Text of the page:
As I write this, I'm sipping apple cider and waiting to see if the final 2018 Farm Bill passes. It includes wording that will distinguish between marijuana and industrial hemp, removing the latter from the list of controlled substances.
The 2014 Farm Bill defined “hemp” as cannabis with less than 0.3 percent THC. It made farming and studying hemp through university agricultural programs legal. The new bill will remove it from the list of scheduled substances permanently.
The Farm Bill gets renewed every five years or so and determines the US Department of Agriculture's policies on farming and nutritional programs. This year's version is expected to be signed any time now, and those who care have been waiting on pins and needles. Sen. Mitch McConnell got everyone worked up when he said language was being included in the bill that would remove hemp from the list of federally controlled substances. Last week he told reporters that House and Senate agriculture committee leaders from both parties had reached an agreement and were almost ready to sign it.
Hemp hasn't been legal in America since the early 20th century, and opening the doors now will completely change the face of farming in the US. It will also green light the budding CBD industry which has been plagued by a strange legal nebulousness (more on that later).
Meanwhile, true to form, New Mexico has once again proven that it will always show up late to the party.
See: Last month the New Mexico State University regents finally approved regulations for hemp cultivation across the state. Last year, Gov. Susana Martinez vetoed a couple of bills that would have legalized regulated industrial hemp cultivation for research purposes. But the state Supreme Court ruled against the vetoes in August 2017, saying Martinez had violated state law and failed to give adequate reasoning.
Yet even with the law in place, it took over a year for the Department of Agriculture to finally begin taking public comment on hemp cultivation regulations. That was back in October, and they've only now approved the damn things.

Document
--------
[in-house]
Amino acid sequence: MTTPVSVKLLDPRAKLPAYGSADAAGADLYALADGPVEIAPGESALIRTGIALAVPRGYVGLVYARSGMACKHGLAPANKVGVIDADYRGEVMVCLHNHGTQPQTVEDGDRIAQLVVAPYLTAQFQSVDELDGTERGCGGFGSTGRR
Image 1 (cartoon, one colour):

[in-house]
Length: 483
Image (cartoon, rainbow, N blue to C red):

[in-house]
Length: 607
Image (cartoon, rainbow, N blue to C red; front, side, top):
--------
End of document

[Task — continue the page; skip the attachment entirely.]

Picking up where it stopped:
Under the new rules, an individual or organization will apply annually for a grower's license from the agriculture department. Department of Agriculture inspection parameters were also set. All licensing fees and testing are to be paid for by the growers. The proposal was approved unanimously by the three NMSU regents present during the Nov. 29 meeting. The Board of Regents oversees the Agricultural Department under state constitution.
NMSU Chancellor Dan Arvizu said the university plans to work with private investors on production and marketing strategies, with an eye on studying how to reduce investment risks inherent to the crop. And NMSU President John Floros told the Albuquerque Journal that the university is “perfectly positioned to help in this industry” by throwing researchers from various fields at hemp research.
The new regulations go into effect Dec. 11.
(But what's irritating to your humble asshole reporter is that the federal pathways for states to develop industrial hemp research programs have been open since the 2014 Farm Bill was signed, and 42 states decided to take them up on the offer. While others already have functioning hemp pilot programs up and running, we're only just getting our feet moving—now, on the eve of federal legalization. I'd applaud sarcastically but I'm just too tired.)
Now the Farm Bill will turn hemp into a major money-making crop for the US, and we're bound to see some industries change how they do business once the product is more readily available. How it will affect the paper, plastics and textile industries is pretty obvious. Hemp is a much lighter, cheaper and more durable material than those currently being used in these corners, and it will likely bring production costs down and introduce new strategies in most of them, too.
But another exciting thing to see will be the effect it has on the burgeoning CBD market. CBD is a non-psychoactive cannabinoid and has been touted as a new miracle drug. The only problem is it comes from cannabis and hemp, which are considered the same thing legally. Yes, every one of those CBD shops you went holiday shopping in last week are selling a drug that is illegal federally. But according to a report by the Brightfield Group—despite the legal weirdness—the CBD industry is running strong and is projected to grow 40 times its current size by 2022.
Once the Farm Bill legalizes hemp, though, those projections are almost certainly going to rise. Since CBD is a compound that has to be isolated from the plant, the THC percentage of the plant doesn't matter, meaning hemp is a perfectly viable source. Most of the CBD on the market is hemp-derived anyway, since a lot of these companies are totally confused about the laws and think the ban only applies to “cannabis”-derived CBD (it doesn't).
But it will after this bill is signed. With the removal of hemp from the list of Schedule I controlled substances, CBD will finally be completely legal to sell (although it will still lack FDA approval). Just think: If the CBD industry is flourishing under a federal ban—with investors having to fear that their money will disappear and the DEA will kick in their door—how much better will it do in the free market? Happy holidays, indeed.